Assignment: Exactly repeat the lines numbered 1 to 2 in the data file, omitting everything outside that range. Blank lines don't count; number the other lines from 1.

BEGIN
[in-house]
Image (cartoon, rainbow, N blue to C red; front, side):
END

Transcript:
[in-house]
Image (cartoon, rainbow, N blue to C red; front, side):